BEIJING -- Disarmament talks with North Korea recessed yesterday in another round of frustration for the United States and its allies, with analysts saying that there appears to be little hope in the foreseeable future that Pyongyong will agree to abandon its nuclear weapons program. "Of course, we're disappointed," said the chief U.S. negotiator, Christopher Hill, after a week of six-nation talks came to an end without a glimmer of an agreement. He said it became apparent as the week progressed that the North Korean delegates had no authorization from their leaders to compromise, so that "interesting" informal discussions had no chance of turning into formal agreements.
NEWS
By New York Times News Service | December 22, 2006
BEIJING --Talks between the United States and North Korea hit a significant obstacle yesterday, as diplomats said the two sides sharply disagreed over whether relaxing an American-led crackdown on the Pyongyang regime's financial transactions should be part of any deal to roll back its nuclear program. Assistant Secretary of State Christopher Hill said yesterday that North Korean negotiators were determined to link the two issues, and that the United States is equally determined not to. The new difficulties were the latest turn in an up-and-down week of talks given new urgency after North Korea's test detonation of a nuclear device Oct. 9, the country's first.
NEWS
By Mark Magnier and Mark Magnier,LOS ANGELES TIMES | November 1, 2006
BEIJING -- North Korea agreed yesterday to return to negotiations aimed at halting its nuclear weapons program, three weeks after the regime conducted its first nuclear test. The reversal was hammered out during a day of informal meetings organized by China that also involved the United States and North Korea. The North set no conditions for its return to the bargaining table with sessions expected to begin next month, U.S. Assistant Secretary of State Christopher Hill told reporters at a hastily arranged news conference.
NEWS
By NEW YORK TIMES NEWS SERVICE | June 21, 2006
WASHINGTON -- North Korea said yesterday that it is not bound by its own moratorium on long-range missile tests, as tension over Pyongyang's intentions continued to mount. In Washington, a senior State Department official challenged North Korea's interpretation, saying that the United States expects the Pyongyang government to abide by its commitments. A North Korean Foreign Ministry official had told Japanese reporters that a missile test would not be "bound by any statement such as the Pyongyang Declaration," the Kyodo news agency reported.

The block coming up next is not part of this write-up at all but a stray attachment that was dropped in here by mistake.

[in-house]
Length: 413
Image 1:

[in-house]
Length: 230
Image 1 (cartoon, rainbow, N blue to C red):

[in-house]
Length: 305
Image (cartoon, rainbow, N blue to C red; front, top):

NEWS
By Gady A. Epstein and Gady A. Epstein,Sun foreign reporter | September 20, 2005
BEIJING -- North Korea's promise yesterday to end its development of nuclear weapons and accept international inspections was a surprising breakthrough in talks in Beijing, but also left formidable obstacles for the United States and North Korea's other negotiating partners. North Korea's pledge - the first the country has offered in writing to dismantle its nuclear weapons program - was part of a joint statement of principles issued by the diplomats of six nations, including the United States.
NEWS
By Gady A. Epstein and Gady A. Epstein,SUN FOREIGN STAFF | July 25, 2005
BEIJING - The United States and North Korea will resume meeting this week during a new round of six-nation talks over Pyongyang's nuclear program, and each side appears anxious to see whether the other is prepared to drop its confrontational stance and make a deal. It is clear that the six-way talks beginning tomorrow are mostly about the two leading antagonists: a prickly, difficult-to-read and probably nuclear-armed regime on one side and an American administration with an icy disposition on the other.
NEWS
By New York Times News Service | June 11, 1995
SEOUL, South Korea -- The United States and North Korea have reached tentative understandings at talks in Kuala Lumpur, Malaysia, aimed at carrying out an accord to halt the North's suspected nuclear weapons program, officials of both countries said yesterday.But obstacles to a final agreement still remain in Seoul.South Korean officials say the proposed accord does not go far enough in specifying that South Korea will play a central role in providing light-water nuclear reactors to the North.
NEWS
By NEW YORK TIMES NEWS SERVICE | May 11, 2005
BEIJING - China has ruled out applying economic or political sanctions to pressure North Korea to abandon its nuclear weapons program and still hopes negotiations can succeed in achieving that result, a Foreign Ministry official said yesterday. China has come under intensifying pressure from the United States to stiffen its approach to North Korea. Its announcement yesterday is certain to disappoint the Bush administration. Chinese officials acknowledge privately that they have grown increasingly frustrated with North Korea's refusal to resume six-nation negotiations that have been stalled since last year.
NEWS
By NEW YORK TIMES NEWS SERVICE | May 11, 2005
BEIJING - China has ruled out applying economic or political sanctions to pressure North Korea to abandon its nuclear weapons program and still hopes negotiations can succeed in achieving that result, a Foreign Ministry official said yesterday. China has come under intensifying pressure from the United States to stiffen its approach to North Korea. Its announcement yesterday is certain to disappoint the Bush administration. Chinese officials acknowledge privately that they have grown increasingly frustrated with North Korea's refusal to resume six-nation negotiations that have been stalled since last year.
NEWS
By Paul Richter and Paul Richter,LOS ANGELES TIMES | February 12, 2005
WASHINGTON - The White House rejected yesterday North Korean demands for one-on-one talks with the United States, saying it will discuss Pyongyang's nuclear program only if four neighboring governments also take part. Japan, China and South Korea joined the U.S. call for North Korea to return to the stalled six-party disarmament talks, a sign of continuing support for the group approach adopted by the Bush administration. A day after North Korea surprised the world by publicly declaring its nuclear capability, White House press secretary Scott McClellan said, "It's not an issue between the United States and North Korea.